As with the previous post, I find much to agree with here; in fact, I agree with the majority of it. But I want to focus on my questions and disagreements…

    The two areas that I’m very curious to hear your extended thoughts on, Jeff, are the two areas that you deal with the least: concentration and civility. On the former, you will occasionally refer to Carr et al., but without (in the stuff I’ve seen) engaging their positions. I started using email and Gopher as a freshman at the University of Minnesota in 1992, and as the web (and my use of it) developed and proliferated, I’ve *seen* how my ability to read deeply and with great focus has declined. I think the tradeoffs are worth discussing, and I’d love to hear more about it from you or others who disagree with Carr (I know you’re already writing one book, not another! :-).

    Civility: I disagree with Newsweek that the web has killed civility… that’d imply that we had some great quantity of the stuff prior to it. But it does seem that the web and its proliferation of written interaction in particular has given us more opportunities to lash out at those we disagree with without engaging them. And many of us — me included — use the hiddenness of web communication to do just that.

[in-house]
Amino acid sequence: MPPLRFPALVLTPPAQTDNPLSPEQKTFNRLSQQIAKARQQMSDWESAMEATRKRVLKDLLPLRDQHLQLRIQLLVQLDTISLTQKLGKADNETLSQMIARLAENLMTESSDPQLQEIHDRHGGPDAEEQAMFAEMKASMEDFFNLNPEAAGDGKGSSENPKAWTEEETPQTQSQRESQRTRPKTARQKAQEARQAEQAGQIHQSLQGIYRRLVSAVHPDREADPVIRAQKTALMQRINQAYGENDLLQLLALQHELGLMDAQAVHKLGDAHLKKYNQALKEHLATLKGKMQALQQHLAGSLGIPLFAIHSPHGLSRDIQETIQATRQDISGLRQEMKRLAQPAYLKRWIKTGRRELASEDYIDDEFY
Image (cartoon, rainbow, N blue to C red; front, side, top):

Inefficiency. Yes, the web does lessen it. But with E.F. Schumacher, I think a little inefficiency can be a good thing.

    Ignorance. Well, yes and no. We certainly have more and quicker access to knowledge. But we still need to have to *want* to find it, and particularly when it comes to the “unknown unknowns”, the web doesn’t seem to help us anymore than the old way did.

    Some thoughts. Again, though… great post.

  • ewan

    Bang on. Love it.

  • Scotty

    Guess you haven’t gotten bitten by the genealogy bug.

    I LOVE reading the hundred year old letters of my great grand parents. I wonder what my great grand kids will have of me/us to read …

    • geni.com + a desktop scanner, and my brothers great grandchildren have access to my grandmothers typewritten memories, and so will my wife’s sisters eat grandchildren
      What if geni.com goes away? gedcom file is on CD, google docs and dropbox.

  • Scott

    How about local retail?

    The Internet is killing off many of the local businesses that managed to survive big box stores.

    No doubt consumers are getting better access to products at better prices, which is good. But there’s clearly a cost to the vitality of cities.

    Walk around any city other than New York, Chicago and a few other large places and there’s just not a lot of life on the street. Lack of local retail is a major reason. I used to love walking to the book store, record store, clothing boutiques, etc., near my home, but now many of those are gone, and the ones that remain are in bad shape.

    It’s a case where killing inefficiency robs of of something, too.

    • TomR


      The internet doesn’t kill local retail, but not responding to competition from the internet does. There are a lot of ways that local retail businesses can be vital and necessary destinations for their area. They still have to compete with Amazon, iTunes, Zappos, and the rest of the world on the ‘net.